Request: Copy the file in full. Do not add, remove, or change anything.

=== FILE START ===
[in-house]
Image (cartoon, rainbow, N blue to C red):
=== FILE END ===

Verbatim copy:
[in-house]
Image (cartoon, rainbow, N blue to C red):